This rainbow on my desk has really grown on me. It has also brought to mind just how full of rainbows my 80's childhood was. I've been remembering all the rainbow things I used to have! I had a stretchy Care Bears belt; a pair of Kangaroos sneakers with rainbows on the sides; a Strawberry Shortcake shirt with a rainbow strip running up one arm, across the chest and down the other arm; shoelaces, hair ribbons, plastic barrettes, a ski hat! Rainbows everywhere. Even the Bear had rainbow suspenders when was a little boy (I have photographic evidence).


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Wednesday, November 30, 2016

First snow

We woke to a light dusting of snow yesterday, the first snow of the season. I went out to the backyard very early, before making breakfast and helping the children get ready for school, to look around and take a few pictures. The hens were awake and they watched me walking around the yard. They were cold, nearly silent and mostly still, standing on one leg at a time while waiting for their breakfast.

I was cold too. We've been having much colder than average temperatures this week, which looks to continue into next week too. It's hard to believe that we started November with warm, almost balmy weather, and now it's ending in a wintry way. You can see our warm autumn, though, in the way some of the leaves are still green. There are even still a few geranium flowers, in spite of our new sub-freezing nights. It's their last hurrah, for sure, so I've been savoring the sight of them on the patio. Yesterday, their leaves were little star-shaped cups of snow.

Flurries fell throughout yesterday morning. The sun hid; an icy wind blew. This morning, it's frigidly cold but the sun is bright. Things have changed out there. The backyard looks different, already a bit less green. The trees across the arroyo, which glowed golden last week, now wear just a few brittle, brown leaves. The mountain peaks are delicately frosted today, white lace against a crystalline sky.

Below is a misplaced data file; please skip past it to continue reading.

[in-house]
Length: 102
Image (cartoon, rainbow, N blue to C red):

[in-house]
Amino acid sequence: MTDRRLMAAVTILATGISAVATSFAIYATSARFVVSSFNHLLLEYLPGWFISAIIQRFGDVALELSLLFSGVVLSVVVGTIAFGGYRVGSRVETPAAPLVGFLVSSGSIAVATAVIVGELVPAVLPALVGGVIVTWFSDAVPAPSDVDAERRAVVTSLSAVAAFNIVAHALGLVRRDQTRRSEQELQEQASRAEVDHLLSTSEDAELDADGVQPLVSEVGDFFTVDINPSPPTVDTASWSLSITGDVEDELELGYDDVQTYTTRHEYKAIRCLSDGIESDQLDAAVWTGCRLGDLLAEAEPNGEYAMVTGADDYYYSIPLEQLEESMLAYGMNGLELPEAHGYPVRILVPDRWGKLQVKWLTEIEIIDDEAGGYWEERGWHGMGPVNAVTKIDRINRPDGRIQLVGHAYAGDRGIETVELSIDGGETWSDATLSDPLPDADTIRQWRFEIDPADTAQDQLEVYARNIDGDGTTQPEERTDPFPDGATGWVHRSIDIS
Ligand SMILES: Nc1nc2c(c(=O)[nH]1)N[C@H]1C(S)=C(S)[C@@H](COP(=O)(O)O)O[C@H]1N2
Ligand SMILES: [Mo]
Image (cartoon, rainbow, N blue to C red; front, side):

Sunday, November 27, 2016

Thankful weekend

We've had a lovely long holiday weekend here, with good food and lots of relaxation. We started with my birthday on Wednesday, which was a nice day. I had my favorite cake, the delicious Berry Chantilly cake from Whole Foods Market, and received some really great presents, including a frame loom, which I'd been wanting for a few months; I have a lot to learn, but the Bear helpfully included a book and I have some videos bookmarked. There were also new mugs, boxes of tea, a flower press that goes in the microwave (can't wait to try that), a new kitchen apron and two beautiful handmade presents from my children - a stitched card and a necklace with painted wooden block-beads, wrapped up in paper box with a strawberry drawn on the top. It was a very happy day and I felt so loved by my sweet little family.

Thanksgiving was a nice day too. I roasted the turkey whole, which I don't usually do, and there were a few moments of panic but it came out really well. It was a sixteen-pound turkey, which seems huge but it was the smallest Butterball turkey in the store! There was a lot of meat and it was all good, even the breast, which I have often allowed to overcook in the past when roasting a whole turkey. We had lots of other food but not too terribly much of anything. We ate leftovers for three days and now we've just got a little turkey left in the fridge, plus three lunches' worth in the freezer, for the Bear to take to work. I'm definitely ready to stop eating turkey, but only because I'm bored with it, not because it was terrible turkey. Tonight's dinner will be steak; the Bear asked for "meat from a four-legged animal."

We've spent most of this afternoon slowly preparing the house for Christmas. The lights are up outside, courtesy mostly of the LB, who is really into wiring things up. He had a whole vision for the yard this year and we mostly let him run with it. We've been staying in the house today otherwise because it's really cold and windy out. There may be a little snow tonight. I'm excited but it's just so weird: four weeks ago, we were carving pumpkins in the backyard in abnormally warm weather for late October. Now, it's just three packed, crazy weeks until the long holiday break.

Thanks for your birthday wishes and kind words on my posts lately. I have to tell you that I really needed a nice, homey birthday and holiday weekend. I had some really awful news about a member of the community recently, the kind of news that I think most parents would find startling and worrisome. Between that and our current national climate, I was feeling pretty lousy. I've always had the same type of response to bad news or troubled times: I go inside, shut the door, turn off the TV and the computer, unplug the phones if I have to. I'm glad I took the time because I feel better now. There's a lot to be done and I'm ready to do it.